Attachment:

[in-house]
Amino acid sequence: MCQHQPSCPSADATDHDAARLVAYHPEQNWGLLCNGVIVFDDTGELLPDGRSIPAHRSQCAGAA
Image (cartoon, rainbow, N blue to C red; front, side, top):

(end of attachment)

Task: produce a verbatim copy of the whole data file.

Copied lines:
[in-house]
Amino acid sequence: MCQHQPSCPSADATDHDAARLVAYHPEQNWGLLCNGVIVFDDTGELLPDGRSIPAHRSQCAGAA
Image (cartoon, rainbow, N blue to C red; front, side, top):